#7

http://www.treas.gov/education/faq/currency/legal-tender.shtml#q1

The municipal utilities authority is a government institution.


#8

Do you happen to have link to any article about that?

That's insane.

And it's not legal to not accept currency. What assholes.


#9

I'm no lawyer, but see my above post. I believe this is incorrect. Besides, the government does this all the time--just walk into the local driving center. Most likely it's "no cash"--checks or credit cards only.


#10

I was bored one day and was reading the Toms River Observer Reporter and saw this story, I don't know if they are online and have archives or not.


#11

Actually if you read my above post you will see that government agencies have no choice but to accept cash. Until recently in the DMV here in NJ the only form of payment was cash or check. They only recently were set up for CC transactions.


#12

Umm... I did read it, did you read it? There is nothing in the answer that says that government agencies must accept cash. It merely says that: "This statute means that all United States money as identified above are a valid and legal offer of payment for debts when tendered to a creditor" and further that "There is, however, no Federal statute mandating that a private business, a person or an organization must accept currency or coins as for payment for goods and/or services". It is ambiguous on whether or not government agencies must accept cash.

It's great that the local DMV around you accepts cash, the ones around me do not (although it's certainly not unheard of for policies of state and federal agencies to break state and federal laws).

I really don't understand why someone wouldn't accept pennies as payment--it's really not a big deal at all to take the bag of pennies to the bank and deposit them. Since whoever you're paying has to go to the bank anyway, giving them pennies really only inconveniences you, since it is you that either has to go out and get the pennies or count the pennies at your home.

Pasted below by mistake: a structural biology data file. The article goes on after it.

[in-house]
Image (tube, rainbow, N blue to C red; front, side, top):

Whether or not giving someone pennies is an effective or clever way to say "fuck you" aside, I still don't think it's illegal for some place--whether private business or government institution--to refuse some form of currency.

Of course as I said I still think it's a bit silly that you could be arrested for wanting to pay in a certain currency. The manager who says "I'm gonna call the cops on you" is just as immature as the guy who thinks paying in pennies is a clever way to say "fuck you".


#13

Snipe, not to make another cop fight, but can you at least understand why some of us get all up in arms about people in your profession when you do this? I mean, if you were to get a call to respond to this, would you ignore it?

mike


#14

If i was a cop and had to respond to BS like this i'd be pissed at both idiots, but unfortunately the person who came to the premises would be the one i'd have to make leave. Courts would have to decide the issue, not a Police officer.

The person could be charged with trespassing. But charging someone is different from convicting. He could be convicted if a restraining order of any kind is served on this person to not come close to this premises. Then the arriving officer could legally arrest. Otherwise it's all a dick swinging contest with the cop caught in a situation between 2 fools.


#15

Unfortunately I would do what I deemed in the scope of my duties. If they wanted the guy to leave I would ask him to leave, but I would also suggest he contact a lawyer and the civil courts to start litigation against the municipal utilities authority for charging him for water that he does not use as well as discriminatory law suit for refusing HIS money.


#16